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Frauds, cover- ups, and other ethics violations in medical studies of preemies 
by H. Peter Aleff

 You are on page

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My letter to Dr. Feinstein, continued from page 5
Baby-harming fraud
in the current LIGHT-ROP experiment

Section 3 of my book shows you some of my attempts to convince the physicians involved of the easily verified light overdose on the retinae of the preemies, and you can observe there in vivo the "mental stenosis" (as discussed in your pages 52 to 55) and the blatant dishonesty of the medical respondents who either refuse to answer or flatly deny the facts without being able to refute them.

You will find in that Section also my correspondence with various medical authorities about the ethics breaches and clumsy fraud in the most recent one of the flawed light-evaluation studies, the National Eye Institute's current LIGHT- ROP experiment. The enrollment for this experiment continued into 1997, and the follow-up evaluation for it is scheduled to be concluded this month.

The authors of this trial are fully aware that the time right after birth is the most critical period for light damage to the babies' eyes, and that protecting them during this time of highest vulnerability is crucial (see my pages 220 to 222).  They even criticized one of the prior studies for not addressing this concern.

However, they delay again the granting of the goggles for up to 24 hours, knowing that this trick will produce again an exoneration of the current lighting.  For a synopsis of the several layers of deception in the design and execution of this trial, see pages 215 to 247 of my complaint dated March 24, 1997, about this sham experiment to the National Bioethics Advisory Commission.

As an update to that complaint, please see next among the attachments some extracts from the Manual of Procedures for that trial and from the studies cited in them. These document with the LIGHT-ROP study authors' own sources that they know their delay of up to 24 hours before protecting the preemies from light is much too long to prevent the allegedly to- be- studied photochemical light damage to the retinae of these babies.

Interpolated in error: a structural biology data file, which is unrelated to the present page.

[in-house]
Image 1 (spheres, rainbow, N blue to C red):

Here are the highlights: At the beginning of their chapter on "Retinal Light Toxicity" on page 2-9, the authors distinguish thermal damage caused by very intense light sources from photochemical damage which can be produced by much lower light levels. They say that thermal damage has been known for hundreds of years, meaning the retinal burns one suffers from looking at the sun for just a few seconds. Then they continue:

  • "It is photochemical light damage that is of interest to this study. This is dependent on wavelength, intensity, and duration of stimulus and also varies with the biology of the target tissue. [all emphases added]

  • There are two classes of photochemical damage to the retina. Type 1 arises from prolonged exposure to low irradiance levels of mid-visible wavelength light. Type 2 is produced by shorter wavelength light, ultraviolet and blue light, with higher irradiances and shorter durations." (Manual of Procedures for LIGHT-ROP, page 2-9, near bottom, and page 2-10 top).

Half a page later, the LIGHT-ROP authors cite a study in which mice suffered retinal damage "which occurs in albino mice in less than 12 hours at intensities of 250 to 450 lux" whereas similar disruption in pigmented animals "takes 14 hours at 3500-4500 lux".  One lux is 0.0929 foot-candles, so the light levels that harm albino mice in such short times amount to about 23 to 42 ftc.

Those eye-damaging light levels are lower than the routine light levels in many intensive care nurseries: the "Guidelines for Perinatal Care", issued jointly in 1988 by the American Academy of Pediatrics and the American College of Obstetricians and Gynecologists, recommend 60 ftc, and various clinical papers report even higher levels from actual measurements in intensive care nurseries (my pages 6 to 8).

The Light-ROP authors misquote those same Guidelines which they cite as their reference 78 but seem not to have read: they say in their Manual of Procedures, page 2-15 near bottom:

"... the large majority of infants receive much greater illumination than the recommended 100 foot candles."